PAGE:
The Musical Offering, BWV1079 – Trio-Sonata in C minor
Piano Trio No.1 in D-minor, Op.49
Romance, Op.94/1 [Nicht schnell]
Romance in D-flat, Op.22/1
Romance, Op.94/2 [Einfach, innig]
Romance in G-minor, Op.22/2
Romance, Op.94/3 [Nicht schnell]
Piano Quintet in E-flat, Op.44
Ensemble 360 [Samuel Coles (flute), Adrian Wilson (oboe), Matthew Hunt (clarinet), Naomi Atherton (horn), Claudia Ajmone-Marsan & Benjamin Nabarro (violins), Ruth Gibson (viola), Gemma Rosefield (cello) & Tim Horton (piano)]
Reviewed by: Edward Clark
Reviewed: 11 November, 2016
Venue: Wigmore Hall, London
This recital opened a weekend-long, mini-festival at Wigmore Hall of decidedly odd programme planning. Ensemble 360 is a group of talented, disparate performers, who on this occasion were either fully occupied or not occupied at all!
So Adrian Wilson and Matthew Hunt came on for cameo roles and poor Samuel Coles and Naomi Atherton simply did not appear at all (she does get to perform in Carl Reinecke’s Trio and he some Bach). Whereas Tim Horton and Benjamin Nabarro played in all the pieces, leaving Gemma Rosefield, Ruth Gibson and Claudia Ajmone-Marsan to share the honours elsewhere.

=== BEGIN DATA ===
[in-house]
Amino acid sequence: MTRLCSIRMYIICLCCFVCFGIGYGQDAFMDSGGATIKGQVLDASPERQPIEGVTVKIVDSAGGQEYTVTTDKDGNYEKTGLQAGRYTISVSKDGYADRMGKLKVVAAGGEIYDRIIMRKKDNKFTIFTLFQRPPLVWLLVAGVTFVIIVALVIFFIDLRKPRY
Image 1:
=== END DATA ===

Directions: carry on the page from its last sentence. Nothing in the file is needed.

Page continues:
I found this mixing and matching rather disconcerting as there was no continuity in either the repertoire or the grouping of instruments.
To start a programme devoted largely to early/mid German Romantic repertoire with the C-minor Trio-Sonata from The Musical Offering seemed a complete anachronism, particularly where the continuo part was shared by a cello and a Steinway piano! I simply could not adjust my expectations hearing (albeit played with delightful restraint by Tim Horton) a piano tinkling away in the background when the violinist and oboist were spinning their magic over the four movements.
Prospects were raised for Mendelssohn’s great D-minor Piano Trio but, again, disappointment arose in the first two movements due to a continuation of the Baroque coolness heard in Bach which denied Mendelssohn’s music the necessary passion warranted to this arresting, dramatic and glorious music. The remaining two movements went well with a deft lightness of touch in the mercurial Scherzo and, at last, a proper approach to the marking of Allegro assai appassionato. But this was a lopsided reading of a masterpiece.
Following the interval came salon pieces by Mr and Mrs Schumann; Three Romances for clarinet and piano by Robert interspersed with two from Clara, from Opus 22 for violin and piano. All were appropriately intimate. So, with baited breath and a desire for fulfilment, I awaited Robert Schumann’s Piano Quintet. This performance alone made my attendance worthwhile. It had the necessary surge in all the right places and also a poetic response to some of Schumann’s most sublime utterances.